I'm trying to make a function that finds the string that contains all words from an array.

I have tried this:

function multiSearchOr(text, searchWords){
    var searchExp = new RegExp(searchWords.join("|"),"gi");
    return (searchExp.test(text))?"Found!":"Not found!";

alert(multiSearchOr("Hello my name sam", ["Hello", "is"]))

But this only alert "Found" when one of the words have been found.

I need it to alert me when all the words are in the string.

An example:

var sentence = "I love cake"    
var words = ["I", "cake"];

I want the application to alert me when it finds all of the words from the array in the string sentence. Not when it only found one of the words.

  • Possible duplicate of whole word match in javascript
    – user7973034
    Jun 17, 2017 at 12:46
  • @MatthewSanetra I dont need the whole world, i need it to alert me when all of the words from array has been found in the string.
    – Samhakadas
    Jun 17, 2017 at 12:51
  • 2
    You need to iterate over array, create regex, test it and if not found return false; else return true;.
    – Tushar
    Jun 17, 2017 at 12:52
  • Count Total Amount Of Specific Word In a String JavaScript stackoverflow.com/a/65036248/4752258 Nov 29, 2020 at 19:00

5 Answers 5


If you're interested in using only a single regular expression, then you need to use a positive lookahead when constructing your expression. It will look something like that:

'(?=\\b' + word + '\\b)'

Given this construction, you can then create your regular expression and test for the match:

function multiSearchOr(text, searchWords){
    var regex = searchWords
        .map(word => "(?=.*\\b" + word + "\\b)")
    var searchExp = new RegExp(regex, "gi");
    return (searchExp.test(text))? "Found!" : "Not found!";

Here's a working example. You simply need to iterate over the array and compare if the words are present in the string or not using indexOf(). if it is not equal then alert Not found otherwise alert Found.

function multiSearchOr(text, searchWords){

   for(var i=0; i<searchWords.length; i++)
    if(text.indexOf(searchWords[i]) == -1)
      return('Not Found!');

alert(multiSearchOr("Hello my name sam", ["Hello", "is"]));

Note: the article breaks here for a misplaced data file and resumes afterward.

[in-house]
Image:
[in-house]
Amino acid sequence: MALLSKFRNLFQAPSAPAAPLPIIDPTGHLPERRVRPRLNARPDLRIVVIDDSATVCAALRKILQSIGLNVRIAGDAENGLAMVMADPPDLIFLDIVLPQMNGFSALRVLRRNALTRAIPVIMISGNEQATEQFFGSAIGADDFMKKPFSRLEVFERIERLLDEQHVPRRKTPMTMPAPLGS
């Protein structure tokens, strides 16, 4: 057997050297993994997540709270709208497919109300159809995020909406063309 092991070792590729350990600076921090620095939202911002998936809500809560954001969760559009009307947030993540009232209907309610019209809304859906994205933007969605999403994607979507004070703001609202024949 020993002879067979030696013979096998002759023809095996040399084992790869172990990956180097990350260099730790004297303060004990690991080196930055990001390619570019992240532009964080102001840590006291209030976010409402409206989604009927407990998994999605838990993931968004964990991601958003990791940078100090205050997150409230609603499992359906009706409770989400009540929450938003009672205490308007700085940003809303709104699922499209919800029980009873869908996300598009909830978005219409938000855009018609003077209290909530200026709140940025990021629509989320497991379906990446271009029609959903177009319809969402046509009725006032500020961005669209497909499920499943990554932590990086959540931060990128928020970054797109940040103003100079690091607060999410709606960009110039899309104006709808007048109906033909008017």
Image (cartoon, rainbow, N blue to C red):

• This is case-sensitive. OP wants to check case-insensitively.
    – Tushar
    Jun 17, 2017 at 13:21
  • @Tushar Add .toLowerCase() to the variables being passed to the function. Jun 26, 2019 at 2:26

Is this what are you looking for ? In this way, you can use more complex sentences that contain non-alphanumeric characters.

var sentence = "Hello, how are you ?"
var test1 = ["Hello", "how", "test"];
var test2 = ["hello", "How"];

function multiSearchOr(text, searchWords){
  if (text && searchWords) {
      var filteredText = text.match(/[^_\W]+/g);
      if (filteredText !== null) {
        var lowerCaseText = filteredText.map(function(word) { 
          return word.toLowerCase(); 
        for (var i = 0; i < searchWords.length; i++) {
          if (lowerCaseText.indexOf(searchWords[i].toLowerCase()) === -1) {
            return "Not found!";
        return "Found!"
      return "Error: the text provided doesn't contain any words!"
  return "Error: Props are missing";

console.log(multiSearchOr(sentence, test1));
console.log(multiSearchOr(sentence, test2));

  • indexOf work case-sensitively. So, if the string contains Hello and you use hello in searchWords, your solution will not work. You can convert both strings to lowercase and then use indexOf.
    – Tushar
    Jun 17, 2017 at 13:19
  • Yes, that's true, but he never asked for this. Maybe he wants to return "Found" if the exact word was found in the sentence. Jun 17, 2017 at 13:30
  • 1
    He did, when he used i-case-insensitive flag in the Regex.
    – Tushar
    Jun 17, 2017 at 13:31
  • Good catch ! I didn't check his code. I just wrote mine :) Jun 17, 2017 at 13:35
  • Count Total Amount Of Specific Word In a String JavaScript stackoverflow.com/a/65036248/4752258 Nov 29, 2020 at 19:00
    if all(word in text for word in searchWords):
        print('found all')
    if any(word in text for word in searchWords):
        print('found at least one')

all() if you want that all the word in the list searchWords are in the text any() if it's enough that one list word is in the text


Here is a version that will split the sentense you pass and check each word

const matchAllEntries = (arr, target) => target.every(v => arr.includes(v));
const arr = ['lorem', 'ipsum', 'dolor'];
const strs = ['lorem blue dolor sky ipsum', 'sky loremdoloripsum blue', 'lorem dolor ipsum'];

strs.forEach(str => {
  // split on non alphabet and numbers (includes whitespace and puntuation)
  parts = str.split(/\W/); 
  console.log(matchAllEntries(arr, parts));

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